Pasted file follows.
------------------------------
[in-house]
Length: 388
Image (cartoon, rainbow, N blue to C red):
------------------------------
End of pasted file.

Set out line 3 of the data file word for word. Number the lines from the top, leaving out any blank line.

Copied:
Image (cartoon, rainbow, N blue to C red):